Success rates in substance use disorder treatment are defined as an individual remaining free of drugs or alcohol for an extended period of time following treatment. Because substance use disorder is a chronic disease, 40 to 60 percent of individuals have a recurrence of use after treatment. 

Although studies show little difference in inpatient vs. outpatient treatment success rates, many factors can encourage lasting recovery. For example, a person struggling with a severe substance use disorder may relapse after outpatient treatment. However, after inpatient treatment, they maintained their recovery. 

The Cost Difference Between Inpatient vs. Outpatient Treatment

A significant factor in choosing inpatient vs. outpatient treatment is the cost. Because of the intense level of care and supervision, inpatient treatment generally costs more than outpatient treatment. For instance, inpatient programs can run upwards of $27,000 or more for a 30-day stay. 

Insurance plans may not always cover the cost of inpatient treatment. For this reason, it’s essential to know your out-of-pocket expenses. However, because outpatient programs typically cost less, insurance companies may cover all treatment costs. That’s not to say that your insurance provider won’t cover the costs of inpatient treatment. 

Seek Help in Choosing Outpatient vs. Inpatient Treatment

Choosing which treatment is best for you, inpatient vs. outpatient, can be overwhelming. And while researching the differences between inpatient and outpatient is helpful, it can be beneficial to consult a professional. Your doctor or therapist can help you decide while finding you a facility to meet your needs. 

Main Differences Between Inpatient and Outpatient Treatment

The key difference between inpatient and outpatient treatment is members in inpatient treatment live in the facility, while members in outpatient live at home or in supportive recovery housing

There are other differences between inpatient vs. outpatient treatment, including:

  • Inpatient treatment provides better support during withdrawals and intense cravings
  • Outpatient treatment works around your schedule and responsibilities
  • Inpatient treatment provides 24-hour supervision
  • Outpatient treatment is more affordable

Knowing the Basic Principles of Substance Use Disorder Can Help in Choosing Outpatient vs. Inpatient

Often, people try to choose between inpatient and outpatient treatment, but they don’t really understand what part of addressing addiction needs is. The National Institute on Drug Abuse (NIDA) lays out the fundamentals of recovery. Effective substance use disorder treatment includes but is not limited to the following.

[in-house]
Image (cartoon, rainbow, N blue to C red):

Physical Wellbeing

Many people struggling with substance use disorder enter treatment with extreme health issues. Treatment centers must work to reverse the damage done by drugs and alcohol while also easing sometimes painful withdrawal symptoms. 

Mental Health 

According to NIDA, 7.7 million Americans struggle with substance use disorder and co-occurring mental health disorders. Sometimes mental health disorders can lead to substance use disorder, and other times, substance use disorder may lead to mental health struggles. 

Social Skills

Many people who misuse drugs or alcohol often do so in social situations. Subsequently, these substances can become a crutch for those with social anxiety. As a result, substance use disorder treatment should include building healthy social skills.

Environmental Triggers

People who misuse drugs or alcohol have environmental triggers. For instance, work is extremely stressful, so they have a drink or two or three on the way home. Some people may not realize something is a trigger until treatment.

Meeting just these few needs, treatment centers can increase lasting recovery in their members. Don’t be afraid to ask questions. This is the rest of your life, and you want to pick the best treatment program you can.

How Do You Determine Which is Best For You? Outpatient vs. Inpatient Treatment

Deciding which treatment option is best for you, whether that’s outpatient vs. inpatient, is a personal decision. While an addiction therapist can help you determine what is best, it is ultimately up to you. Here are a few questions to ask yourself that may help you decide.

  1. How long can you be away from your family?
  2. Do you have child care?
  3. Will your employer be supportive?
  4. Can you afford to be away from work?
  5. Do you have reliable transportation?
  6. Do you have insurance, and will it cover treatment?
  7. How severe is your substance use disorder?
  8. Have you been to treatment and had a recurrence of use?
  9. Are you in danger of having severe withdrawal symptoms?
  10. Do you have a co-occurring mental health disorder?

The hardest part of recovery is resisting the cravings and temptations to use drugs or alcohol. In outpatient treatment, you will still be exposed to the daily stressors and triggers that led to your substance use disorder. So, if you cannot avoid being around drugs or alcohol and fear you may use again, inpatient treatment  is the better choice for you. 

Let Sana Lake BWC Help You Decide Between Inpatient vs. Outpatient Treatment

Are you or someone you love misusing drugs or alcohol? At Sana Lake BWC, we will answer your questions and help you decide the right treatment option for you. Contact us today and start your journey to lasting recovery.